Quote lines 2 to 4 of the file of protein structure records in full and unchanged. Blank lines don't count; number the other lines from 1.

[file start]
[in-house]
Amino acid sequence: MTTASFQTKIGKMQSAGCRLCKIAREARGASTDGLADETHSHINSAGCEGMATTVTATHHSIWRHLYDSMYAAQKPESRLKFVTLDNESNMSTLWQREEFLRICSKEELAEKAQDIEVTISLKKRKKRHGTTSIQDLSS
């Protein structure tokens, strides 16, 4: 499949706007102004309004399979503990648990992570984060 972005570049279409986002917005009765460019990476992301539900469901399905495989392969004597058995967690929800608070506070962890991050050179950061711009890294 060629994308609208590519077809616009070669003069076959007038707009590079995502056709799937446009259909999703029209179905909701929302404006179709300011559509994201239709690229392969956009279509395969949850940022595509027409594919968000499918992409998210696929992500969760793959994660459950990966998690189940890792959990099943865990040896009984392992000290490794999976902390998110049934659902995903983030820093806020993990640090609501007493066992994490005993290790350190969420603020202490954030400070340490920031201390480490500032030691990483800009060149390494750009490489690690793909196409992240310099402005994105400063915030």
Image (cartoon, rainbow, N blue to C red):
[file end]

Amino acid sequence: MTTASFQTKIGKMQSAGCRLCKIAREARGASTDGLADETHSHINSAGCEGMATTVTATHHSIWRHLYDSMYAAQKPESRLKFVTLDNESNMSTLWQREEFLRICSKEELAEKAQDIEVTISLKKRKKRHGTTSIQDLSS
């Protein structure tokens, strides 16, 4: 499949706007102004309004399979503990648990992570984060 972005570049279409986002917005009765460019990476992301539900469901399905495989392969004597058995967690929800608070506070962890991050050179950061711009890294 060629994308609208590519077809616009070669003069076959007038707009590079995502056709799937446009259909999703029209179905909701929302404006179709300011559509994201239709690229392969956009279509395969949850940022595509027409594919968000499918992409998210696929992500969760793959994660459950990966998690189940890792959990099943865990040896009984392992000290490794999976902390998110049934659902995903983030820093806020993990640090609501007493066992994490005993290790350190969420603020202490954030400070340490920031201390480490500032030691990483800009060149390494750009490489690690793909196409992240310099402005994105400063915030």
Image (cartoon, rainbow, N blue to C red):